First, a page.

Is Lamb Red Meat? (4 Health Benefits & Clinical Nutrition)

Gabriel Woods
Published by Gabriel Woods
Last Updated On: December 4, 2023

The controversy regarding the classification of lamb as red meat has sparked different views from health enthusiasts and nutritionists alike.

This is a topic I find more crucial and fascinating. Since I’ve been eating lamb loin chops and ground lamb regularly as part of my carnivore diet, I decided to do comprehensive research, including interviewing various nutritionists to get clarity.

This article will explore the criteria for categorizing lamb as red meat, its clinical nutrition and health benefits, and potential risks.

Quick Summary

  • Lamb is considered red meat due to its high myoglobin content, which gives it a dark-red color, although culinarians classify it as white meat as it comes from a young mammal.
  • Lamb meat is a rich source of high-quality protein, vitamins, and minerals, including Vitamin B12, iron, zinc, selenium, niacin, and phosphorus, contributing to various health benefits.
  • Despite its health benefits, lamb, as a form of red meat, has potential side effects such as increased risk of heart disease and colorectal cancer and iron build-up for people with hemochromatosis.

Is Lamb Red Meat?

An image of raw lamb chops meat

Lamb is red meat, although culinarians would quibble. This is because it’s more nutritionally similar to beef and pork than chicken or turkey. Lamb has more of the qualities of other red meats than white meat, so it is best to label it as such.

The idea of red and white meat is not as clear-cut because culinary experts and nutritionist experts have different definitions for them.

For example, the World Health Organization says red meats are any meat that comes from a mammal [1]. This includes meat from cows, sheep, goats, pigs, horses, deer, buffalo, and anything in between. On the other hand, all fish and poultry are considered white meat.

Meanwhile, the United States Department of Agriculture (USDA) defines red meat according to the myoglobin content of the animal's muscles [2].

Myoglobin is an oxygen-carrying protein found in muscle cells, giving the flesh its dark-red color. If an animal has a high amount of myoglobin in its muscles, it is considered to have red meat.

"Lamb is called a red meat because it contains more myoglobin than chicken or fish."
- United States Department of Agriculture

White meat is any meat with low amounts of myoglobin in its muscles. This includes chicken, turkey, and fish.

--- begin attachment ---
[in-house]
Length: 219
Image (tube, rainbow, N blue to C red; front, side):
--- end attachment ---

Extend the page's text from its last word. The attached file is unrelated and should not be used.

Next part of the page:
Culinarians, though, have different definitions of red and white meat. To them, the animal's origin and age determine whether it is white or red meat.

Under their definition, white meat comes from fowl and young mammals, while red meat comes from older mammals. Think of veal rather than beef.

This means that mutton, which comes from adult sheep, or yearling mutton, a year or older, would be red meat, while lamb comes from young sheep.

Lamb has a milder flavor than mutton, and most lamb is slaughtered at six to eight months.

Clinical Nutrition Information

A close up image of raw lamb meat

Different parts of the lamb have different amounts of fat and calories [3].

However, a standard cut is a lamb chop, which has the following nutritional content:

  • Calories: 250 kcal
  • Protein: 22 g
  • Lamb meat’s Fat: 17 g
  • Saturated Fat: 7 g
  • Carbs: 0 g
  • Fiber: 0 g

Lamb chops are also a significant source of many vitamins and minerals.

These include:

  • Vitamin B12: This vitamin is essential for proper brain and nervous system function.
  • Iron: Iron helps carry oxygen in red blood cells, keeping muscles strong and making it easier to do physical activity.
  • Zinc: This mineral is vital for wound healing and maintaining a healthy immune system. Lamb contains more zinc than non-red meat sources or vegetables.
  • Selenium: This mineral supports thyroid health, which helps keep the body's metabolism running smoothly.
  • Niacin: This B vitamin is essential for converting food into energy.
  • Phosphorus: Phosphorus helps build strong bones and teeth [4].

Health Benefits of Lamb

An image of a person slicing raw lamb red meat

Lamb meat is rich in various minerals and vitamins that come with the following health benefits:

  • Lamb meat consumption can help you maintain your muscle mass as you age. The large quantity of high-quality protein contains all the essential amino acids necessary for lean muscle mass growth.
  • It's also a good source of the amino acid beta-alanine, a carnosine precursor. Carnosine is a compound that helps buffer the acidity in muscle tissue and has been shown to increase physical performance and reduce fatigue [5].
  • Additionally, lamb meat is an excellent heme iron source, which is found in animal-based proteins [6]. The body absorbs this form of iron more readily than non-heme iron found mostly in plant-based foods.
  • Lamb meat also provides more conjugated linoleic acid (CLA) than even grass-fed beef does [7]. Conjugated linoleic acid is a type of fat that has been linked to a decreased risk of certain illnesses and better metabolic health. Healthy fats like CLA may protect against heart disease and cancer.

Also, sufficient heme iron is critical in preventing anemia, particularly anemia caused by an iron deficiency. Anemia can cause fatigue, weakness, and shortness of breath. Having bioavailable iron helps to prevent this condition.